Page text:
The histological categories red, white and mixed thrombus showed no correlation with intensity measurements by Ilumien Optis (p = 0.41) or ImageJ Small ROI (p = 0,48) by One-Way ANOVA. Intensity ratio could not predict the content of erythrocytes (Standardized Beta -0.014, p = 0.93) or platelets (Beta 0.002, p = 0.99) (Ilumien) (Fig 3).

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Fig 3. Ratio of lightloss by Ilumien Optis software in the different histopathological defined colours.

https://doi.org/10.1371/journal.pone.0266634.g003

Thrombus age was analyzed by independent sample T-Test, and there were no significant difference in intensity between fresh and non-fresh by Ilumien (p = 0.97) or ImageJ (p = 0.49), between organized and non-organized by Ilumien (p = 0.72) and ImageJ (p = 0.72) or lytic and non-lytic by Ilumien (p = 0.31) and ImageJ (p = 0.63) (Fig 4).

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Fig 4. Ratio of lightloss by Ilumien Optis software in thrombi defined by histopathological appearance.

https://doi.org/10.1371/journal.pone.0266634.g004

Discussion

We did not find any correlation between intensity ratio measured by OCT and thrombus content of red blood cells or platelets. The variances in colour between the different histological stages were not significant. Furthermore, OCT could not distinguish between the different histologically defined thrombus stages: fresh, lytic or organized. Fresh thrombi tended to have a shorter ischemic time, though not significant. Paradoxically, ischemic time was shortest for red thrombi. This difference was also not significant.

Our findings contradicts previous workers reporting that red and white thrombi have different appearance on OCT images [6]. The presence of larger thrombi can be established with a conventional coronary angiogram. Using intra vascular ultrasound (IVUS), even smaller volumes of thrombi can be detected. However, only OCT gives images with sufficiently high resolution to potentially evaluate the content of each individual thrombus [9].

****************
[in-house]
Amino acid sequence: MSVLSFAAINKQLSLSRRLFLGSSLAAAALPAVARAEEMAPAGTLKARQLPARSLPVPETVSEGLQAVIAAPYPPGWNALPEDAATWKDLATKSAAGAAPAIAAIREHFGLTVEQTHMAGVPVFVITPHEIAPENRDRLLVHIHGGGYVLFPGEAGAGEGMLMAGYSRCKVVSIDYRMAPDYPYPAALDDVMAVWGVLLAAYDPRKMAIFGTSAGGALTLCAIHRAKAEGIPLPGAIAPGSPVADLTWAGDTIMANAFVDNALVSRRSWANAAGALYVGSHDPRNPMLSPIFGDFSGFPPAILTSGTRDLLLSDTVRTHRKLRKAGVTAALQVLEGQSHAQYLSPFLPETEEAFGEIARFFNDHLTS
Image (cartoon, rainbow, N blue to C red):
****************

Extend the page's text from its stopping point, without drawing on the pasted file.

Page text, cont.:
OCT uses infrared light and measure the echo time delay from nearby structures giving a distance, and signal intensity, which reveals the optical properties of the structures. During acquisition, the catheter spins around collecting data in a circular or tomographic pattern. This means that structures that are behind objects impenetrable to infrared light will not be visible. Red blood cells are impenetrable to light, meaning that blood must be cleared from the lumen by injecting contrast. Thrombi containing a high proportion of red blood cells will be less penetrable to light than those with less red blood cells. Kume et al [7] used this principle to show that in a macroscopic red thrombus the light intensity decreased more rapidly than in a macroscopic white thrombus with increasing distance from the catheter. A cut of value of > 50% intensity loss over a distance of 0.25 mm was found to correlate with a macroscopic red thrombus with a sensitivity of 90% and specificity of 88%. Our study has a different design than Kume et al. We characterized thrombus composition by histology. In our view, histological examination is a more direct way to determine thrombus composition. Kume et al studied the exact same thrombus sample by OCT and histology, however their OCT study was performed ex vivo on 40 human cadavers and compared to histologic examination post mortem. In our clinical study, OCT was performed in vivo and we compared thrombus remnants in the patient with the histology of aspirated materials. The age and composition of the abluminal parts of the thrombi left behind after aspiration could potentially be more white and platelet rich, and the luminal aspirated part more red and erythrocyte/fibrin rich. As 36 out of 42 aspirates contained elements of fresh thrombus and 21 out of 42 where classified as white, we at least know that the luminal parts of the thrombus are mostly fresh and to a large extent white. The remnants were only studied by imaging, and were as defined by OCT exclusively red. If the first formed abluminal part of the thrombi matures after it is formed, this would explain that the remnants are all red, and could explain the discrepancy with the ex vivo study. However, it seems unlikely as Silvain et al showed that fibrin content increases with ischemic time in aspirated thrombi [8]. Previous aspiration studies have also shown that the formation of thrombus is more complex with a layered appearance, rather than a continuous gradient of platelet rich to erythrocyte/fibrin rich gradient from the vessel wall to the lumen [5].